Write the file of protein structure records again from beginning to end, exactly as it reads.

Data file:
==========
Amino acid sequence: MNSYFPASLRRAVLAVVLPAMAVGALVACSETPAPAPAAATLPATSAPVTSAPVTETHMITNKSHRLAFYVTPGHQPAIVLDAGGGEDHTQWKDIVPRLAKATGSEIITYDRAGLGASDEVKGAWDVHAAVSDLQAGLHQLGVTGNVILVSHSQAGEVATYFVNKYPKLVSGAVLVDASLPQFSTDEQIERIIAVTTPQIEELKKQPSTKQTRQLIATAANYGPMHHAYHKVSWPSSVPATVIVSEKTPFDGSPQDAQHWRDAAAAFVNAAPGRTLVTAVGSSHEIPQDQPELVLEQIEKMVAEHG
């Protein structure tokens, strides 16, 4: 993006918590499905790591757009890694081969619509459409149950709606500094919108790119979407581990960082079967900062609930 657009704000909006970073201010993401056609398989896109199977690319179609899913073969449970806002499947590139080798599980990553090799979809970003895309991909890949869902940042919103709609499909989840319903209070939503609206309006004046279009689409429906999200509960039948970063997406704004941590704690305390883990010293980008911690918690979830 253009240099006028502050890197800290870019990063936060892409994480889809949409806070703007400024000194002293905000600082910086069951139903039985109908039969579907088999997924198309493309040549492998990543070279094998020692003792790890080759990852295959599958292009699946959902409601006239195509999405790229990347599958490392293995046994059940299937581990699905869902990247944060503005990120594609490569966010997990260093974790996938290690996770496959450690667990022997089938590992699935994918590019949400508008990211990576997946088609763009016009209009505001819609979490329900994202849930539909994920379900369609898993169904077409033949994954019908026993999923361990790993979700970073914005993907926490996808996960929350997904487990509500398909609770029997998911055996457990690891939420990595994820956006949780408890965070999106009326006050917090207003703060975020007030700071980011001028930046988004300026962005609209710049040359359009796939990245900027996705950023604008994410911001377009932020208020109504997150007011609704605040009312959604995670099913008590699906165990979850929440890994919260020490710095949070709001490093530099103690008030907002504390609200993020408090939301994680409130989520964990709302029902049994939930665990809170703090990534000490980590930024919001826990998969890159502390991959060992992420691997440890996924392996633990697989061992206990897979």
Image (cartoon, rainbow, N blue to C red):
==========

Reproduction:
Amino acid sequence: MNSYFPASLRRAVLAVVLPAMAVGALVACSETPAPAPAAATLPATSAPVTSAPVTETHMITNKSHRLAFYVTPGHQPAIVLDAGGGEDHTQWKDIVPRLAKATGSEIITYDRAGLGASDEVKGAWDVHAAVSDLQAGLHQLGVTGNVILVSHSQAGEVATYFVNKYPKLVSGAVLVDASLPQFSTDEQIERIIAVTTPQIEELKKQPSTKQTRQLIATAANYGPMHHAYHKVSWPSSVPATVIVSEKTPFDGSPQDAQHWRDAAAAFVNAAPGRTLVTAVGSSHEIPQDQPELVLEQIEKMVAEHG
């Protein structure tokens, strides 16, 4: 993006918590499905790591757009890694081969619509459409149950709606500094919108790119979407581990960082079967900062609930 657009704000909006970073201010993401056609398989896109199977690319179609899913073969449970806002499947590139080798599980990553090799979809970003895309991909890949869902940042919103709609499909989840319903209070939503609206309006004046279009689409429906999200509960039948970063997406704004941590704690305390883990010293980008911690918690979830 253009240099006028502050890197800290870019990063936060892409994480889809949409806070703007400024000194002293905000600082910086069951139903039985109908039969579907088999997924198309493309040549492998990543070279094998020692003792790890080759990852295959599958292009699946959902409601006239195509999405790229990347599958490392293995046994059940299937581990699905869902990247944060503005990120594609490569966010997990260093974790996938290690996770496959450690667990022997089938590992699935994918590019949400508008990211990576997946088609763009016009209009505001819609979490329900994202849930539909994920379900369609898993169904077409033949994954019908026993999923361990790993979700970073914005993907926490996808996960929350997904487990509500398909609770029997998911055996457990690891939420990595994820956006949780408890965070999106009326006050917090207003703060975020007030700071980011001028930046988004300026962005609209710049040359359009796939990245900027996705950023604008994410911001377009932020208020109504997150007011609704605040009312959604995670099913008590699906165990979850929440890994919260020490710095949070709001490093530099103690008030907002504390609200993020408090939301994680409130989520964990709302029902049994939930665990809170703090990534000490980590930024919001826990998969890159502390991959060992992420691997440890996924392996633990697989061992206990897979």
Image (cartoon, rainbow, N blue to C red):